The concept of medical futility remains controversial, and there is no general professional consensus about the appropriate use of futility in medical decision making. Interventions are said to be futile if there is either no likelihood or an exceedingly low likelihood that the therapy will result in a medically beneficial outcome.5859 A number of authors6063 have argued that this principle is fundamentally flawed for a number of reasons, including the difficulties of prognostication and the risks of overriding patient autonomy. The American Medical Association recommends that when a patient or surrogate decision maker insists on a therapy that the physician believes is futile, a communication and negotiation process should be initiated to reconcile these differences, and the treatment should be provided until differences are reconciled.64More recently, the state of Texas enacted a law that provides for a process by which physicians can, over the objections of patients or surrogate decision makers, involve a committee to review and approve decisions to withhold or withdraw life-sustaining treatments that are judged to be futile.65However, this law has been challenged for several reasons, including the fact that the majority of patients for whom the process has been invoked were from racial and ethnic minority groups and underserved populations, raising questions about the fairness of such a law in our current health-care system.6668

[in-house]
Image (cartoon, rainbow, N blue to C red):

In our view, invoking medical futility to withhold or withdraw life-sustaining treatments against the wishes of a patient or surrogate decision maker is ethically problematic and rarely necessary if clinician communication has been good and if building trust has been a focus of the clinical team. The desire to avoid the provision of nonbeneficial interventions embodied in the concept of medical futility, however, should be central to a framework of end-of-life decision making, provided benefit is defined with reference to the particular patient’s preferences and values.